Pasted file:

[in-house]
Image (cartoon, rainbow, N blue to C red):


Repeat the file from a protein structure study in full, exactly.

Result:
[in-house]
Image (cartoon, rainbow, N blue to C red):